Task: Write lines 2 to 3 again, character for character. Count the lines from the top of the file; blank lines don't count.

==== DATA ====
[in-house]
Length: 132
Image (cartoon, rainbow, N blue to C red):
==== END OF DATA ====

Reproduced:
Length: 132
Image (cartoon, rainbow, N blue to C red):